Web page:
First ‘Jazz and Community Leadership Award,’ to be given June 9, cites ‘outstanding service to Harlem community and support for jazz’
The National Jazz Museum in Harlem (NJMH) will present its first “Jazz and Community Leadership Award” to The City College of New York and CCNY President Lisa S. Coico June 9 at The Kaye Playhouse at Hunter College in Manhattan.
The award recognizes President Coico and City College’s “unique outstanding service to Harlem and its communities, as well as for the support for jazz and musicians, both of which have been expanded and strengthened under President Coico’s tenure,” said Jasna Radonjic, the museum’s managing director.
The museum introduced the “Jazz and Community Leadership Award” this year to honor individuals or organizations “for their extraordinary leadership in advancing the appreciation, and acceptance of jazz as a major American art form with worldwide significance, and for enduring contributions to Harlem’s community quality of life.”
The NJMH cited City College for:
- Its multi-faceted involvement with jazz and music as reflected in its music curriculum and programs;
- Enabling numerous Harlem-connected musicians, many with little or no means, to study in its jazz program because of its uniquely low tuition and high quality of instruction;
- Its jazz concerts at Aaron Davis Hall on campus, which is Harlem’s premiere performing arts center, where many jazz greats have performed;
- The range of its music alumni that includes famed lyricists Ira Gershwin and Yip Harburg and blues historian Marv Goldberg.
President Coico has been a member of NJMH’s Board of Trustees since 2011 and, in addition, serves on the Board’s development committee.
“It has been my great pleasure as managing director to work with President Coico in her role as a trustee,” said Ms. Radonjic. “Her fresh and innovative ideas, can-do-attitude, extraordinary connections in the community and love of jazz and Harlem make her contributions to the museum invaluable.”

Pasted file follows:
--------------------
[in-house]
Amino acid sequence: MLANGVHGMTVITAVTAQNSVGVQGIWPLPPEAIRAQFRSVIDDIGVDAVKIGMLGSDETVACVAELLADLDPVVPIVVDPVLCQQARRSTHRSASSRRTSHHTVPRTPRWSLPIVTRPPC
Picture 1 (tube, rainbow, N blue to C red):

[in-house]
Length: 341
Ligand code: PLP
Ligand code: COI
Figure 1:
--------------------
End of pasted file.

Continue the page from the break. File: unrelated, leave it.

She lauded President Coico’s instrumental role on the development committee in revitalizing NJMH’s fundraising efforts, which are crucial for the museum’s thriving future. “I have no doubt that, with her help, we will achieve our goal of building a permanent home for jazz in Harlem in the very near future. Our Board of Trustees could not have found a better recipient for our first “Jazz and Community Leadership Award,” added Ms. Radonjic.
Also that night, pianist, composer and bandleader McCoy Tyner, will receive NMJH’s first annual “Legends of Jazz Award” for outstanding contribution to the development of jazz.
The featured performer at the event will be Tony Award winner and three-time Grammy Award winner singer/actress Dee Dee Bridgewater, a two-time Grammy winner and winner of the 1975 Tony for “best featured actress in a musical” for “The Wiz.”
For reservations, call The National Jazz Museum in Harlem at (212) 348-8300 ext. 100.
About The City College of New York
Since 1847, The City College of New York has provided low-cost, high-quality education for New Yorkers in a wide variety of disciplines. More than 16,000 students pursue undergraduate and graduate degrees in: the College of Liberal Arts and Sciences; the Bernard and Anne Spitzer School of Architecture; the School of Education; the Grove School of Engineering; the Sophie Davis School of Biomedical Education, and the Colin Powell School for Civic and Global Leadership. U.S. News, Princeton Review and Forbes all rank City College among the best colleges and universities in the United States.
About the National Jazz Museum in Harlem
The NJMH is a Smithsonian affiliate with a mission to preserve, promote, and present jazz by inspiring knowledge, appreciation, and the celebration of jazz locally, nationally, and internationally. Through its programs and exhibits, the museum explores jazz as a musical genre and a cultural phenomenon that has profoundly influenced many aspects of our lives. Understanding the history and evolution of jazz means gaining a deeper understanding of the past and present of American society, democracy and the American people.
The NJMH has a visitors’ center in East Harlem that has become the hub for live performances, exhibitions and educational workshops. It also offers an exclusive access to the recently discovered Savory Collection – more than 100 hours of live recordings of jazz legends, such as Count Basie, Louis Armstrong, Billie Holiday, Duke Ellington and many more, made between 1935 and 1941 in New York City. Visit NJMH for more information.
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